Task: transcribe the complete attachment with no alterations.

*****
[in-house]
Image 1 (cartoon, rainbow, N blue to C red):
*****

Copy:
[in-house]
Image 1 (cartoon, rainbow, N blue to C red):